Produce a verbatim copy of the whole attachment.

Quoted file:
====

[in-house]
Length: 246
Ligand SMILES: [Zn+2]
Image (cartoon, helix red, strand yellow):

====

[in-house]
Length: 246
Ligand SMILES: [Zn+2]
Image (cartoon, helix red, strand yellow):